TEENAGE MUTANT NINJA TURTLES #37 focused solely on the conflict between Shredder and General Krang. The Ninja Turtles were nowhere to be found, but that didn't stop the issue from being all kinds of awesome. This chapter focuses heavily on how the heroes in a half shell want to deal with this looming threat, but it also reminds us there's a whole other player in the narrative: Old Hob and his growing army of mutants. If you ever thought TMNT was just for kids or has silly plots, you seriously need to pick up #37 and #38 to see just how plot-driven this book is.
Sometimes a focus on a bigger narrative can lead to characters being left in the dust or glossed over, but this is also a book that's all about character. In this case, specifically Donatello and Michelangelo. Even though they aren't the focal point, Leonardo, Raphael, Splinter, Old Hob, Slash, Casey Jones and April O'Neil don't feel glossed over. Man, just typing all of the names makes me really appreciate just how well they're juggling this cast while still building an exciting plot; it really is impressive. In fact, the only scene that isn't focused on moving the plot forward in a big way or fleshing out characters is a bit with Nobody. That scene exists just to give us a bit of action, remind us how awesome the art team is with handling fast-paced fights, and tease the return of a mutant. So, even when it's not aiming for compelling material, it's still a scene that brings something to the table and does it well.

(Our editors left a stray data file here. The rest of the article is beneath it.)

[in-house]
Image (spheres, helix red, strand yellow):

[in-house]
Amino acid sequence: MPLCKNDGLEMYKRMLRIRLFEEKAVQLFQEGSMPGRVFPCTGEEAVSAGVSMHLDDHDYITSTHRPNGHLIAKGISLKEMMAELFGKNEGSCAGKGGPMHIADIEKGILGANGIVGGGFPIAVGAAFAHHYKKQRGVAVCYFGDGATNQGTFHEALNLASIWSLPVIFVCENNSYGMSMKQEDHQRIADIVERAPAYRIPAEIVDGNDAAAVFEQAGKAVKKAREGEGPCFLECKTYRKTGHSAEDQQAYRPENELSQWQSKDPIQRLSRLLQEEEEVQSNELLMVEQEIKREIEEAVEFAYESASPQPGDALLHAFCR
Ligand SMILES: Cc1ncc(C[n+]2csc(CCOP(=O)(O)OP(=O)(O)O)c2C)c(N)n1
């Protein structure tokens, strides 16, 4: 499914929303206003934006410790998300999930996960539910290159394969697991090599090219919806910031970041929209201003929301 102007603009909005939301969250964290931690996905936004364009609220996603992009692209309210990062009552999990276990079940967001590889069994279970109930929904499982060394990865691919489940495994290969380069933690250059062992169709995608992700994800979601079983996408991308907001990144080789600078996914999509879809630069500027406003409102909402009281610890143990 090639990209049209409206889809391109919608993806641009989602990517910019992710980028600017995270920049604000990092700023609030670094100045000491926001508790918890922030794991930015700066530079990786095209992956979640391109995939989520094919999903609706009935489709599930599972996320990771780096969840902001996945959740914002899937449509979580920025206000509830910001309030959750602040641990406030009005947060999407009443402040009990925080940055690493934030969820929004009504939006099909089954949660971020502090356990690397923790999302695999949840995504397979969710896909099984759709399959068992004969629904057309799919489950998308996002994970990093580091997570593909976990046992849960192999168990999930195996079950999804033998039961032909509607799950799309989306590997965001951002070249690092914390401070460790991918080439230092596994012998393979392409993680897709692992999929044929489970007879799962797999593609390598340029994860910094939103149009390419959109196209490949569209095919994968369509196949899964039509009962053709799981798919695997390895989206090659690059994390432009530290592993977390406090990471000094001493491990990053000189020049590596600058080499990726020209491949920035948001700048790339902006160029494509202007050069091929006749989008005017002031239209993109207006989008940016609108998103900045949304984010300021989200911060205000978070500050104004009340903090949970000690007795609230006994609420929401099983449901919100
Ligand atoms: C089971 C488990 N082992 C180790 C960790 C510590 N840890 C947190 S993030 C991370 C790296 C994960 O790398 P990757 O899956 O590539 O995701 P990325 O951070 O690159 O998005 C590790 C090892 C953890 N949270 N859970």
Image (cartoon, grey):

Without spoiling anything, I will say there's a surprisingly touching scene between Casey and April. The back and forth was fine, but then that final panel really hit me. It was a wonderful bit of emotion in a pretty tense chapter. And the cliffhanger? It's handled perfectly! As much as I'd love to elaborate about how it's executed, I don't want to risk spoiling it. Let's just say it's sure to please any TMNT, okay? Plus, there's a wee bit of fan service as a classic mutant is brought in and a new (and hilarious) one is added to the evergrowing cast of characters.
Aside from one complaint (see below!), I have nothing but love for Mateus Santolouco and Ronda Pattison's artwork. Their layouts and the work in the panels are every bit as impressive as the script. The characters are just so full of life. Pattison's coloring sells their depth and uniqueness and Santolouco's work on everything from their posture to their expressions make them feel alive. I know my eyes are in for a good time whenever they're on the book and they've yet to disappoint. When the action gets going, it's full of energy and craziness. And when it's focused on plot, the characters are just so expressionate and, when it's around, the background really sells the location and brings you into the scene so well.
As much as I enjoyed this chapter and love how the dialogue is handled, it really is 100% buildup. It almost feels like the calm before the storm. It's a great teaser for what's to come, though. I imagine this will be an especially satisfying read when it's put into a collection.
As much as I love the artwork, it was distracting how frequently the environments vanished and were replaced with solid color as a background. I understand there are crazy deadlines in this industry, but when the artwork is that good, it does stand out.
Minor gripe: does anyone else find it a little odd that Nobody was very casual about having a random person leap into the fray and then seemingly vanish?
TMNT's new arc is off to an excellent start. The team at IDW is doing a superb job delivering strong character moments and an interesting plot. To top it off, the artwork is wonderful and there's just enough fighting thrown in to feed the action junkies out there. And the ending? Any TMNT fan is going to have a huge smile on their face and an overwhelming desire to get their hands on the next issue as soon as possible. Seriously, if you have any interest in the franchise, you really need to read this book.